At my university, we have something called ’learning platforms’. In our case, they are called Cambro and Moodle and their main use is for communication between students and teachers in courses and programmes. I am sure most universities today use things like these. They are inventions that result from the idea that computer-mediated communication and — in later years — social media may be of economic as well as pedagogic benefit for education institutions. They help when organizing distance courses, and adds an extra dimension to campus courses.
That the learning platforms are aimed to gain from the affordances of computer-mediated communication and social media shows in how they are constructed. Commonly used services are chats, blogs, forums, ’e-meeting rooms’, messaging, and audio and/or video hosting. I am the first person to applaud the introduction of such tools in teaching. In themselves — if used in the right ways — they certainly have the potential to add new levels of interactivity, and even creativity, to the drowsy routine of lecture, seminar, lecture, seminar, lecture, seminar.
But however well constructed, well functioning and welcome the learning platforms are, I can’t help but feeling that we could do more, better, or maybe even something else.
When I give talks for politicians who want to know how to use social media most effectively, I tell them to go where the people are. Don’t put your money into designing a static website that very few people will visit. Focus instead of entering a variety of social media flows that are already active. When I give advice to media companies that want to encourage audience participation, I say the same thing: Don’t build your own copy of Facebook. Start a Facebook page! Don’t waste time and energy bringing people to your own gated discussion forum. Go on Twitter! To schoolteachers who want to find ways of working with visual methods in the classrom I say: Go on YouTube! I don’t say this to support Facebook, Twitter or Google (who owns YouTube) as companies. I say it because we can’t benefit fully from social media dynamics by building our own little enclosed systems.
Let’s compare learning platforms with e-mail lists and static Web 1.0 websites. What can we do with learning platforms that we cannot do with these 1990’s tools? Posting the course schedule and study guide is just as easy with the old tools. Electronically handing in papers and assignments is just as easy. Getting a discussion going in the group is just as easy. Reaching everyone quickly is just as easy, etc. But since learning platforms have functions like video, blogs and forums, it seems as if they aim to reach further than this. I think, however, that it is extremely hard — if at all possible — to harvest the fruits of social media while being on a platform that is isolated from the rest of the Internet.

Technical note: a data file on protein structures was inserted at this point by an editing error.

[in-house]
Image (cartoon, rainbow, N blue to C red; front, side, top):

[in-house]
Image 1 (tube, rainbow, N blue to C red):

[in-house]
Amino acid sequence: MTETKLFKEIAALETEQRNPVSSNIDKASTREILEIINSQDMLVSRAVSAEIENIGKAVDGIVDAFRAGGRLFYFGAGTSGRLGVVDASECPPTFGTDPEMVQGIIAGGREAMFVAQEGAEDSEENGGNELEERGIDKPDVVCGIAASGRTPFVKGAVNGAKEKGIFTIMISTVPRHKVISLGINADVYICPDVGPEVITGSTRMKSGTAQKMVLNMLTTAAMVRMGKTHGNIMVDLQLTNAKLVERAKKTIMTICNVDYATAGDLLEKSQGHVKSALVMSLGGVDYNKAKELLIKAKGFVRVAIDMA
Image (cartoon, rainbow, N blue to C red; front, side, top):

Collective intelligence. The ability to pool knowledge and compare notes with others.
Transmedia navigation. The ability to follow the flow of stories and information across multiple modalities.
Negotiation. The ability to travel across diverse communities, discerning and respecting multiple perspectives, and grasping and following alternative norms, etc.
Gaining from the power of social media, drawing on literacies like these, obviously demands loosening up the boundaries between the digital presence of the study programme/course and other online social networks. It also requires that students move far beyond the learning platform to meaningfully sample, remix and critically relate to other content that can be incorporated into the learning experience.
But are we really ready to post our lectures on YouTube? Can we start a Facebook group instead of having a course site on a ’learning platform’, live tweet seminars using a course hashtag, or collaboratively collect course resources on Pinterest? What about letting students edit the Wikipedia entry about a theory instead of writing a paper on it?
Please bear with me. I know very little about the Privacy Protection Law (PUL) and other regulations and considerations that play into this. Indeed, social media involves a loss of control and it raises a number of issues regarding openness and even philosophical questions about what a university should be. But if we allow ourselves to be visionary — doesn’t it seem strange to incorporate new media literacies into higher education by way of gated learning communities?